WannaCry IT Security Protection Case Study: What You Should Know
The far-reaching WannaCry ransomware attack made international headlines last year when unidentified hackers encrypted the data of more than 200,000 computers in over 150 countries between May 12–14, 2017. Large corporations or tech giants weren’t the only ones targeted. The attack affected an assortment of entities, from financial institutions and hospitals to banks and individuals. Although it only lasted a couple of days, the effects were long lasting—and so were the lessons learned.
Once a computer was infected and its data became encrypted, the WannaCry perpetrators demanded a $300 ransom payment in bitcoin in exchange for restoring these files. They increased the price until the end of the countdown when the data would be ultimately deleted if the ransom was still unpaid. The attack finally ended when someone discovered a kill switch (just one of the clues that WannaCry was an amateur attack).
The scariest part? All of this could have easily been prevented. It all boils down to the importance of updating systems and backing up files.
The reason WannaCry successfully and quickly encrypted the data of so many systems worldwide had to do with the enormous number of people who did not update their computers right away. It all started with an online leak that exposed a vulnerability in the Microsoft system. EternalBlue is a tool developed by the US National Security Agency that exploited a vulnerability in the server message block (SMB) protocol for network file sharing. Basically, the NSA found out that in some versions of Windows, the SMB protocol could accidentally accept information from remote attackers. The NSA could use this for surveillance purposes. In short, this tool took advantage of a security weakness in Microsoft software. A group of hackers called the Shadow Brokers stole this information from the NSA and leaked EternalBlue online last April.
Fortunately, once the exploit was published (and before WannaCry occurred), Microsoft acted quickly and released a patch for their supported operating systems, Windows 7 and 10. Note that this did not include XP, as Microsoft announced years ago (with plenty of notice to users) that support for XP would discontinue on April 8, 2014. Even as other variants of WannaCry came out in the following days, Microsoft continued to release new patches to protect the systems.
The reason WannaCry was successful (despite all of these patches) is that many people failed to update their systems. WannaCry spread like wildfire because, unlike phishing emails, this computer worm wiggled from one infected computer to a healthy computer.
Once the kill switch was found, the attack finally came to an end. Microsoft released an emergency patch for XP and Server 2003, although they were under no obligation to do so since they were no longer supporting those systems. Many people learned the hard way that regularly updating your computer systems is vitally important.
Some systems that were infected had backed up their data, so it was more easily recovered without having to pay a ransom.
Avoid Becoming a Victim
As a company, Electronic Office operates in a proactive (and not reactive) way. None of our clients were affected by WannaCry because of the precautions we have in place. As soon as we sensed this threat, we assembled an Incident Response Team and communicated this security alert to our clients. We evaluated all of our clients’ systems, advised them not to turn their computers off, and pushed out any patches that were missing, which we can manage remotely.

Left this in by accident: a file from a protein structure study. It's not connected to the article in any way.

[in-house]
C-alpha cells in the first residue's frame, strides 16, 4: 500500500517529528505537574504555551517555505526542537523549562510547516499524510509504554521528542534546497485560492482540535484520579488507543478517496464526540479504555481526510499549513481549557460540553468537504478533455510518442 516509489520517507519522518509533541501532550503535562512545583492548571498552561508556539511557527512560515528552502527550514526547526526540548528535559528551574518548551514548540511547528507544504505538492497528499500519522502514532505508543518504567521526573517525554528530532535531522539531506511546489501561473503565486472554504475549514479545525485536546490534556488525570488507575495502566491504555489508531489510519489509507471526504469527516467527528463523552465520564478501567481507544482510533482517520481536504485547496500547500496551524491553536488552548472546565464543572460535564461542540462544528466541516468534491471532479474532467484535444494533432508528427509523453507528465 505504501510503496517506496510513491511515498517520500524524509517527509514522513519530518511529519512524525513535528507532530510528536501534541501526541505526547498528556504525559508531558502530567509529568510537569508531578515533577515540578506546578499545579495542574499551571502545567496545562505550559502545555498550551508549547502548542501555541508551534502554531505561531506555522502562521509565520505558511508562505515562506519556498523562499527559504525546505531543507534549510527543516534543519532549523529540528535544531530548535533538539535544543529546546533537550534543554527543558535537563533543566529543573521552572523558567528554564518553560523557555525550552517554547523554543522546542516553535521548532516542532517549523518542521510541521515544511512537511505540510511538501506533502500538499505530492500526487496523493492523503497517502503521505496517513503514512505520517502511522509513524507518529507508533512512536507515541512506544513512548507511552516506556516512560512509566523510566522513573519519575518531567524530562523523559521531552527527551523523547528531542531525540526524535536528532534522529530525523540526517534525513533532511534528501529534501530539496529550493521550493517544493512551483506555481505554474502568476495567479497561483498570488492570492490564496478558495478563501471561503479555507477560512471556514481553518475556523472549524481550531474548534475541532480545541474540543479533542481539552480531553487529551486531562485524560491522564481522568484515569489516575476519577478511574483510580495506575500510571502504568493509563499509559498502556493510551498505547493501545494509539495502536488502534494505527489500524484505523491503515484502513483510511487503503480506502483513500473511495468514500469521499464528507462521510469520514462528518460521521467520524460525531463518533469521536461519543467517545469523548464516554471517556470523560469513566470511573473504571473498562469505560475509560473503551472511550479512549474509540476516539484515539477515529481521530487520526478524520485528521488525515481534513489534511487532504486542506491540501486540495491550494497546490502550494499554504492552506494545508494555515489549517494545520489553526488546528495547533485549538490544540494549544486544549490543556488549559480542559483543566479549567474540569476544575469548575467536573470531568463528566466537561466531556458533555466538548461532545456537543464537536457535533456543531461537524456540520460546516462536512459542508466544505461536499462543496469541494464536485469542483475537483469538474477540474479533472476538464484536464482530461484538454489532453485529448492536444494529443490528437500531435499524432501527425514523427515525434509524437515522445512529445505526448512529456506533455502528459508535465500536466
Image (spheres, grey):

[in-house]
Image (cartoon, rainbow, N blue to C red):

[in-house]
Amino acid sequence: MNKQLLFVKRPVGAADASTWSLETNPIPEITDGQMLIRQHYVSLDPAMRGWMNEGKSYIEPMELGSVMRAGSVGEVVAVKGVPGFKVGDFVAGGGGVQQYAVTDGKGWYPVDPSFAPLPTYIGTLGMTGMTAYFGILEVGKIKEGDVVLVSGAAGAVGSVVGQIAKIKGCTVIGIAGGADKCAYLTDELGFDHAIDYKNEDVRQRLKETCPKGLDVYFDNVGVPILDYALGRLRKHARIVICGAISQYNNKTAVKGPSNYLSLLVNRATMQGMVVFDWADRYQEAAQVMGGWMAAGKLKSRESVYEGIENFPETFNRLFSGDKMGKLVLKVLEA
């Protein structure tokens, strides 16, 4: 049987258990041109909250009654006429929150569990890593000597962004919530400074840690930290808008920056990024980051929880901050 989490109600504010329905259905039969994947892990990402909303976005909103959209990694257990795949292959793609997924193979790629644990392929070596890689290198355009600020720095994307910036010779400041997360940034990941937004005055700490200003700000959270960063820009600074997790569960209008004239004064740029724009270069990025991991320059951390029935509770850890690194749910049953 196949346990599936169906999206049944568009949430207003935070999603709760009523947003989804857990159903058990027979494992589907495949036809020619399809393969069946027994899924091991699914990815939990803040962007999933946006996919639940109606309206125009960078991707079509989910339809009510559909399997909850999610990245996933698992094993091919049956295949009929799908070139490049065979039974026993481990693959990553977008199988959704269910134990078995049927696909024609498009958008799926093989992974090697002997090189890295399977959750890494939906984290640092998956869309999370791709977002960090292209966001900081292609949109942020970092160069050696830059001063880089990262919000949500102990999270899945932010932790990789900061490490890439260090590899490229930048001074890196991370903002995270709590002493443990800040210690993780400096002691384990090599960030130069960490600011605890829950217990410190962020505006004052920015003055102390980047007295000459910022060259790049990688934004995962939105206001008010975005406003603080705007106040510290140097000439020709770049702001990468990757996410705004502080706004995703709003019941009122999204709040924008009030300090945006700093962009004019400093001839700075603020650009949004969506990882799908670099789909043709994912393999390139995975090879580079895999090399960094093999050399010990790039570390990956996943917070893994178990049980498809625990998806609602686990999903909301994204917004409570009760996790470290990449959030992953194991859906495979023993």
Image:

What could have prevented this ransomware attack? Everyone must regularly update their computer systems and back up their data.
We’re Here to Help
Following IT news and protecting your data properly can be a lot to keep up with. An IT company like Electronic Office can take care of this for you. We’re always staying on top of the latest threats and trends. Additionally, we constantly evaluate new and emerging technologies to offer our clients. We currently have the most robust data backup platform in the world.
We regularly patch our client’s systems through a triage policy. We evaluate at what is needed and what is not needed. We manage and understand where our thousands of end points are in their state of patching.
EO offers Security Awareness Training to better prepare users for real-world situations. This training can take many forms including fake phishing emails, training videos, and even alerting our clients to real malicious emails that have been sent.
Even if you don’t have confidential information and think nobody is trying to hack your system, you still need a firewall to protect your networks. Purchasing and installing a best-in-breed firewall appliance is just the start and is not a “plug in and forget it” situation. The key is configuring the firewall to the current threat landscape and consistently maintaining it to make sure that networks are protected from new and emerging threats. Other maintenance includes keeping the firewall current from a support, warranty, and software perspective.
IT Assessments are critical for knowing your current state of weakness, strengths, and vulnerabilities. It’s much easier (and stress-free) to have measures in place so that when the next big cyberattack happens, your systems are safe.
Don’t fall victim to ransomware: The work you do and clients you serve are too important. Avoid downtime and the risk of data loss. Get better protection starting today. Contact us for more information.